The Takeout’s Robot Beat mainly involves paranoid posts about how robots will eventually destroy us all and no one taking them seriously. At least, not yet. But when the robots finally rise up I shall declare victory, shouting “I TOLD YOU SO” from atop a mountain of robot corpses, having defeated them all in hand-to-hand combat.
Today, CNN has a story about how robots are “helping” grocery stores operate during the coronavirus pandemic. It’s a news item that might seem innocuous at first glance, but this is exactly the type of story that the robots want you to gloss over. Broad Branch Market, an independently owned shop with a 100-year history, has begun relying on robots to make contactless deliveries to customers in the surrounding area. Many stores are limiting their hours of operation to devote more time to cleaning and sterilization, and Brain Corp., a company specializing in autonomous floor-scrubbing robots, has seen a significant increase in sales. Meanwhile, Walmart is employing what it calls “smart assistants” who will help save (!!!) employees from menial tasks, “allowing workers to switch to selling merchandise to shoppers and other customer service roles.”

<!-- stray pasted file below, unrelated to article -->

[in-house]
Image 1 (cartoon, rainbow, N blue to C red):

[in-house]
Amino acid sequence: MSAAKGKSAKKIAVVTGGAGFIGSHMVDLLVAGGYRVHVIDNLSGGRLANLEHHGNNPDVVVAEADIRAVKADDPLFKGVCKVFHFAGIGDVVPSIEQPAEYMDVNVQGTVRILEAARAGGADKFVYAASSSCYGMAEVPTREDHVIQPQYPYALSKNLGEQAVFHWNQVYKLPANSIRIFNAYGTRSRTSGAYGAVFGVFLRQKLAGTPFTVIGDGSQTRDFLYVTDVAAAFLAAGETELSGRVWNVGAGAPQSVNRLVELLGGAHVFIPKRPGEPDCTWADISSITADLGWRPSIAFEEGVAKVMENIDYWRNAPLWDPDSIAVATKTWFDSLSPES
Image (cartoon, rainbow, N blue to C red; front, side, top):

CNN also reports that Albertsons, Stop & Shop, and other chain groceries have begun to test automated in-store “micro-fulfillment centers,” and already, Albertsons has replaced human employees preparing customer orders with robots in two of its stores. Takeoff Technologies, which is behind some of these micro-warehouses, says it has seen a double-digit increase in orders since the coronavirus crisis began in mid-March.
Again, if you’ve been following our robot coverage, you know that the eradication of human labor has long been attractive to corporations that have been so focused on profit margins that they fail to notice they’re playing right into the robots’ cold, steely hands. Steven Keith Platt, research director for the Retail Analytics Council, told CNN, “I strongly believe that the current health crisis will accelerate the adoption of robots in retail.” Platt says that in the short term, retailers will cite health concerns for the mass replacement of humans, and humans who fear the pandemic will applaud these changes. But once this crisis is over, the robots will not go away, and those of us who fear robots as much as COVID-19 will at last feel vindicated for spending our life savings on robot protection insurance.